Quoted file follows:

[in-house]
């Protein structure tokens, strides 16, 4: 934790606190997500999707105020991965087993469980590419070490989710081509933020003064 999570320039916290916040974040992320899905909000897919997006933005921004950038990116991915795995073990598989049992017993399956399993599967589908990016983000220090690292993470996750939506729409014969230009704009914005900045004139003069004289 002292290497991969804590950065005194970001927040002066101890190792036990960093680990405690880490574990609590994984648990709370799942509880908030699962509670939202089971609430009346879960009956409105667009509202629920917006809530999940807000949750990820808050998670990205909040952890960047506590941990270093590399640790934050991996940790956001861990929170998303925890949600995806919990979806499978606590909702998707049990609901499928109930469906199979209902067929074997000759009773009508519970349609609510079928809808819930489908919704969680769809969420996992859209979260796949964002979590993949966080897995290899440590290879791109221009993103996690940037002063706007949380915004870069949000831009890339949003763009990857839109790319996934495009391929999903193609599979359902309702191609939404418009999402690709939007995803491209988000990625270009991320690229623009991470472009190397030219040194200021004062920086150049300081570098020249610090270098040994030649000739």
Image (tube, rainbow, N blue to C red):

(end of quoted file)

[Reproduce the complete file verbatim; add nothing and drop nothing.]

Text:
[in-house]
């Protein structure tokens, strides 16, 4: 934790606190997500999707105020991965087993469980590419070490989710081509933020003064 999570320039916290916040974040992320899905909000897919997006933005921004950038990116991915795995073990598989049992017993399956399993599967589908990016983000220090690292993470996750939506729409014969230009704009914005900045004139003069004289 002292290497991969804590950065005194970001927040002066101890190792036990960093680990405690880490574990609590994984648990709370799942509880908030699962509670939202089971609430009346879960009956409105667009509202629920917006809530999940807000949750990820808050998670990205909040952890960047506590941990270093590399640790934050991996940790956001861990929170998303925890949600995806919990979806499978606590909702998707049990609901499928109930469906199979209902067929074997000759009773009508519970349609609510079928809808819930489908919704969680769809969420996992859209979260796949964002979590993949966080897995290899440590290879791109221009993103996690940037002063706007949380915004870069949000831009890339949003763009990857839109790319996934495009391929999903193609599979359902309702191609939404418009999402690709939007995803491209988000990625270009991320690229623009991470472009190397030219040194200021004062920086150049300081570098020249610090270098040994030649000739």
Image (tube, rainbow, N blue to C red):